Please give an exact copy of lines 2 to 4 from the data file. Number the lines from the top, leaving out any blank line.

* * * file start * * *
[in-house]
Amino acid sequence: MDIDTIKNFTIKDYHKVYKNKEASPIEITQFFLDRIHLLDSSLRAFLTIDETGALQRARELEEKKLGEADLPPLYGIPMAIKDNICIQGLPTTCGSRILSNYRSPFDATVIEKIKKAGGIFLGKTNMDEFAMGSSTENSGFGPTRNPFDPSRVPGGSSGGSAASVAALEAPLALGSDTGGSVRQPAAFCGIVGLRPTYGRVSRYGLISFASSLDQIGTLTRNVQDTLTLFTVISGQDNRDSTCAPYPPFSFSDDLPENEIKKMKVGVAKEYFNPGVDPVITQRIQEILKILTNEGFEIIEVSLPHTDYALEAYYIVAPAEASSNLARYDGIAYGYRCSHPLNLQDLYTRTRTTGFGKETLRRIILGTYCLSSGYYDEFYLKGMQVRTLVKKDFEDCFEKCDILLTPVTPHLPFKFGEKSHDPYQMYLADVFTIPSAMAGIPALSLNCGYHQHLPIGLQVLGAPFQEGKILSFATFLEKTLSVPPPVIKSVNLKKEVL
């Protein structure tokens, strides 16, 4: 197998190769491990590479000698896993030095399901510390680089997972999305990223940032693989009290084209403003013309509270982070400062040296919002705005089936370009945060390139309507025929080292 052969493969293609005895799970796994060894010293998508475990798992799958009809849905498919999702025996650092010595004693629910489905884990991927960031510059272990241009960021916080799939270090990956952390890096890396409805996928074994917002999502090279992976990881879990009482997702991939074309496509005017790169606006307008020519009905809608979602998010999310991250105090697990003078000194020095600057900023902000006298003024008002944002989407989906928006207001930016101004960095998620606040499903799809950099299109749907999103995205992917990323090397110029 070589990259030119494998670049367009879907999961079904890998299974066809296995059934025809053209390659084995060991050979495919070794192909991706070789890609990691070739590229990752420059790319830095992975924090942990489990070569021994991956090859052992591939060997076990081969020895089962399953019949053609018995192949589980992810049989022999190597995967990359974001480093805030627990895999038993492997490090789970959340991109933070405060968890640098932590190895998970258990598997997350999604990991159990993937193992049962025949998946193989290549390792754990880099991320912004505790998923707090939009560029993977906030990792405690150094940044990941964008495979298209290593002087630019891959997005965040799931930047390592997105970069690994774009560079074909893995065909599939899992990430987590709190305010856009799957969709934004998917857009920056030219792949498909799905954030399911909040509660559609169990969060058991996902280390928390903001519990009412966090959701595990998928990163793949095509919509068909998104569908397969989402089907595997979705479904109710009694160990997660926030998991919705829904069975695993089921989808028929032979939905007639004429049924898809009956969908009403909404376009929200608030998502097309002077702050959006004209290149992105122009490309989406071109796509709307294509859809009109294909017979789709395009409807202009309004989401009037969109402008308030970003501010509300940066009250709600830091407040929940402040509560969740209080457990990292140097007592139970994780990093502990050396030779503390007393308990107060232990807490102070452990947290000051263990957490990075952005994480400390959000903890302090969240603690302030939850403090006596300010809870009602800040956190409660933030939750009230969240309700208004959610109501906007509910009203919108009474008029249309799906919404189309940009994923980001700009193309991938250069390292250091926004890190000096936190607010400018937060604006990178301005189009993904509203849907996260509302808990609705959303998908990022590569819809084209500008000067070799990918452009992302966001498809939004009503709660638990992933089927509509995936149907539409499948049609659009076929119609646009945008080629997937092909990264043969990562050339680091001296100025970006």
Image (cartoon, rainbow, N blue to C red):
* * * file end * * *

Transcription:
Amino acid sequence: MDIDTIKNFTIKDYHKVYKNKEASPIEITQFFLDRIHLLDSSLRAFLTIDETGALQRARELEEKKLGEADLPPLYGIPMAIKDNICIQGLPTTCGSRILSNYRSPFDATVIEKIKKAGGIFLGKTNMDEFAMGSSTENSGFGPTRNPFDPSRVPGGSSGGSAASVAALEAPLALGSDTGGSVRQPAAFCGIVGLRPTYGRVSRYGLISFASSLDQIGTLTRNVQDTLTLFTVISGQDNRDSTCAPYPPFSFSDDLPENEIKKMKVGVAKEYFNPGVDPVITQRIQEILKILTNEGFEIIEVSLPHTDYALEAYYIVAPAEASSNLARYDGIAYGYRCSHPLNLQDLYTRTRTTGFGKETLRRIILGTYCLSSGYYDEFYLKGMQVRTLVKKDFEDCFEKCDILLTPVTPHLPFKFGEKSHDPYQMYLADVFTIPSAMAGIPALSLNCGYHQHLPIGLQVLGAPFQEGKILSFATFLEKTLSVPPPVIKSVNLKKEVL
């Protein structure tokens, strides 16, 4: 197998190769491990590479000698896993030095399901510390680089997972999305990223940032693989009290084209403003013309509270982070400062040296919002705005089936370009945060390139309507025929080292 052969493969293609005895799970796994060894010293998508475990798992799958009809849905498919999702025996650092010595004693629910489905884990991927960031510059272990241009960021916080799939270090990956952390890096890396409805996928074994917002999502090279992976990881879990009482997702991939074309496509005017790169606006307008020519009905809608979602998010999310991250105090697990003078000194020095600057900023902000006298003024008002944002989407989906928006207001930016101004960095998620606040499903799809950099299109749907999103995205992917990323090397110029 070589990259030119494998670049367009879907999961079904890998299974066809296995059934025809053209390659084995060991050979495919070794192909991706070789890609990691070739590229990752420059790319830095992975924090942990489990070569021994991956090859052992591939060997076990081969020895089962399953019949053609018995192949589980992810049989022999190597995967990359974001480093805030627990895999038993492997490090789970959340991109933070405060968890640098932590190895998970258990598997997350999604990991159990993937193992049962025949998946193989290549390792754990880099991320912004505790998923707090939009560029993977906030990792405690150094940044990941964008495979298209290593002087630019891959997005965040799931930047390592997105970069690994774009560079074909893995065909599939899992990430987590709190305010856009799957969709934004998917857009920056030219792949498909799905954030399911909040509660559609169990969060058991996902280390928390903001519990009412966090959701595990998928990163793949095509919509068909998104569908397969989402089907595997979705479904109710009694160990997660926030998991919705829904069975695993089921989808028929032979939905007639004429049924898809009956969908009403909404376009929200608030998502097309002077702050959006004209290149992105122009490309989406071109796509709307294509859809009109294909017979789709395009409807202009309004989401009037969109402008308030970003501010509300940066009250709600830091407040929940402040509560969740209080457990990292140097007592139970994780990093502990050396030779503390007393308990107060232990807490102070452990947290000051263990957490990075952005994480400390959000903890302090969240603690302030939850403090006596300010809870009602800040956190409660933030939750009230969240309700208004959610109501906007509910009203919108009474008029249309799906919404189309940009994923980001700009193309991938250069390292250091926004890190000096936190607010400018937060604006990178301005189009993904509203849907996260509302808990609705959303998908990022590569819809084209500008000067070799990918452009992302966001498809939004009503709660638990992933089927509509995936149907539409499948049609659009076929119609646009945008080629997937092909990264043969990562050339680091001296100025970006």
Image (cartoon, rainbow, N blue to C red):